Birth: 1046 in Hungary
Note: Died age 47
Death: 16 NOV 1093 in Edinburgh, Scotland
Burial: Befor high altar, Dunfermline, Scotland
Cause: Died of grief at her husband and son?s death.
Change Date: 31 OCT 2005
Saint Margaret?s name signifies pearl, ?a fitting name,? says Theodoric, her confessor and her first biographer, ?for one such as she.? Her soul was like a precious pearl; a life spent amidst the luxury of a royal court never dimmed its luster or estranged it from Him who had bought it with His blood. She was the granddaughter of an English king; in 1070 she became the bride of Malcolm of Scotland, thereafter reigning as Queen until her death in 1093.
How did she become a Saint in a position where sanctity is so difficult? First, she burned with zeal for the house of God. She built churches and monasteries; she occupied herself by making vestments; she could not rest until she saw the laws of God and His Church observed throughout her realm. Next, amid a thousand cares, she found time to converse with God, ordering her piety with such sweetness and discretion that she won her husband to sanctity like her own. He would rise at night to pray with her; he loved to kiss the holy books she used, and sometimes would take them away with him, bringing them back later to his wife covered with jewels. Lastly, despite Saint Margaret?s great virtue, she wept constantly over her sins and begged her confessor to correct her faults.
Saint Margaret did not neglect her duties in the world even if she was not of the world. God blessed this marriage with eight children, six princes and two princesses who did not fail to respond to their mother?s teaching and examples. Never was there a better mother; she spared no pains in their education, and their sanctity was the fruit of her prudence and her zeal. And never was there a better queen. She was the most trusted counselor of her husband, who always found her counsels of great utility, and she labored with him for the spiritual and material improvement of the land. Malcolm, after having pacified his domains for several years, saw to the building of the cathedral of Durham and founded a monastery at Dumfermlin.
Living in the midst of all the world?s pleasures, Saint Margaret sighed for the true homeland and viewed death as a release. On her deathbed she learned that her husband and their eldest son had been slain in battle. She thanked God for sending this last affliction as a penance for her sins. After receiving Holy Viaticum, she repeated the prayer from the Missal, ?O Lord Jesus Christ, who by Thy death didst give life to the world, deliver me.? And at the words ?deliver me,? says her biographer, her soul took flight to Christ, in 1093, in her forty-seventh year.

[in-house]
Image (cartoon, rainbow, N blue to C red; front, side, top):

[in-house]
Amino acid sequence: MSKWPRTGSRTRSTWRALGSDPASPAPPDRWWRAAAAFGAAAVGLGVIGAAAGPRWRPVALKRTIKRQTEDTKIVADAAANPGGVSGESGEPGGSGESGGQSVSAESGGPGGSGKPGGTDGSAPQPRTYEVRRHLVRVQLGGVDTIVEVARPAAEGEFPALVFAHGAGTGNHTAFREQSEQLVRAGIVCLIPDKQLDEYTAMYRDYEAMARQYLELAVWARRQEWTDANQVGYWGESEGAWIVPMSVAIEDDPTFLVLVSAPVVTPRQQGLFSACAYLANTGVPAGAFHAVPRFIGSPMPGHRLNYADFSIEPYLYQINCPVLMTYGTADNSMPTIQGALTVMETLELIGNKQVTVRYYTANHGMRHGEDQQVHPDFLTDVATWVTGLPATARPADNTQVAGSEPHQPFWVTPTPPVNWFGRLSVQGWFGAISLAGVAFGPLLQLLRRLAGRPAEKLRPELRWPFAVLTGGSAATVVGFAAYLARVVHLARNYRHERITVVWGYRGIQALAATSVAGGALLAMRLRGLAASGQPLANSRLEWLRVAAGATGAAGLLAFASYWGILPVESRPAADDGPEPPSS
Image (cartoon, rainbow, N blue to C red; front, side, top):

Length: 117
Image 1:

Father of Margaret of Scotland was Edward the Atheling, also known as Edward the Exile. He was the son of King Edmund II Ironside of England, who was in turn son of Ethelred II "the Unready"
Mother of Margaret of Scotland was Agatha of Hungary, who was related to Gisela, wife of St. Stephen of Hungary
Margaret of Scotland's brother was Edgar the Atheling, the only of the Anglo-Saxon princes to survive the Norman invasion, acknowledged as King of England by some but never crowned.
Margaret of Scotland's Marriage: Margaret of Scotland met her future husband, Malcolm, when she was fleeing with her brother from William the Conqueror's invading army in 1066. Their ship was wrecked on the Scottish coast.
Malcolm Canmore was the son of King Duncan. Duncan had been killed by Macbeth, and Malcolm in turn defeated and killed Macbeth after living for some years in England -- a series of events fictionalized by Shakespeare. Malcolm had been married previously to Ingibjorg, the daughter of the Earl of Orkney.
Malcolm invaded England at least five times. William the Conqueror forced him to swear allegiance in 1072 but Malcolm died in a skirmish with the English forces of King William II Rufus in 1093. Only three days later, his queen, Margaret of Scotland, also died.
Margaret of Scotland's Contributions to History: Margaret of Scotland is known to history for her work to reform the Scottish church by bringing it into line with Roman practices and replacing Celtic practices. Margaret brought many English priests to Scotland as one method of achieving this goal. She was a supporter of Archbishop Anselm.
Margaret of Scotland's Children: Of the eight children of Margaret of Scotland, one, Edith, renamed Matilda or Maud, married Henry I of England, uniting the Anglo-Saxon royal line with the Norman royal line. Three of her sons -- Edgar, Alexander I, and David I -- ruled as kings of Scotland. David, the youngest, reigned for almost 30 years. Her other daughter, Mary, married the Count of Boulogne and Mary's daughter Matilda became Queen of England as wife of King Stephen.
After Her Death: A biography of St. Margaret appeared soon after her death. It is usually credited to Turgot, Archbishop of St. Andrews, but is sometimes said to have been written by Theodoric, a monk. Of her relics, Mary, Queen of Scots, later had possession of Saint Margaret's head.
Descendants of Margaret of Scotland: Descendents of Margaret of Scotland and Duncan reigned in Scotland, except for a brief reign after Duncan's death by his brother, until 1290, with the death of another.
Father: Edward ?the Exile? of England
Mother: Agatha of Hungary b: in Bavaria
Malcolm III of Scotland b: ABT 1031
- Matilda b: OCT 1079 in Dunfermline, Scotland
- David I of Scotland b: ABT 1080
- Alexander I ?The Fierce? of Scotland
- Mary of Scotland